Seven new publications out today describe the gnomAD resource and applications

We are delighted that the flagship publications describing the Genome Aggregation database (nomAD) have appeared today in Nature, Nature Medicine, and Nature Communications.Members of the CV Genetics & Genomics team have been long-term contributors to the gnomAD resource (and its predecessor, the exome aggregation consortium ExAC), and we have hugely enjoyed being part of this collaboration.Today’s package of publications includes two papers led by members of our team. “Characterising the loss-of-function impact of 5′ untranslated region variants in 15,708 individuals” has already been described in a previous blog post when we made our paper open access on the bioRxiv preprint server a year ago (see here), and leverages the power of gnomAD to annotate a particular group of variants that can cause severe rare genetic diseases. Rather than disrupting the sequence of the gene itself, these variants lie just upstream of the gene and interfere with regulatory signals that control translation of genes into proteins. This study was a home-grown effort, spear-headed by Nicky Whiffin while working at Imperial. The second study was also co-led by Nicky, and arose from a visit to spend some time working with Daniel MacArthur’s team at the Broad Institute. “The effect of LRRK2 loss-of-function variants in humans looks at a specific gene, LRRK2, suggested as a therapeutic target for Parkinson’s disease. There have been some concerns about the safety of targeting LRRK2 with drugs. However, Nicky and colleagues, working with data from gnomAD, 23andMe, and UK Biobank, found that individuals who carried genetic variants that inactivate one copy of this gene did not have any apparent adverse consequences. This provides reassurance that therapeutic inhibition of LRRK2 is likely to be well-tolerated and safe.You can read Nicky’s reflections on her work and the gnomAD package on her blog on her new webpage, which she has recently launched as she prepares to move to Oxford to set up a new lab at the Wellcome Centre for Human Genetics.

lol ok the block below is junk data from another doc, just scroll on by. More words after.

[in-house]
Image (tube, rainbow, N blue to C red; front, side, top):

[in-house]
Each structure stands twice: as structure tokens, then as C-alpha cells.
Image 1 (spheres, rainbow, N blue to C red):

Post by James Ware